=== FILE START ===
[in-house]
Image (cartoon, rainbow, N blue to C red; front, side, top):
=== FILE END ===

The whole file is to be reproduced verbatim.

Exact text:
[in-house]
Image (cartoon, rainbow, N blue to C red; front, side, top):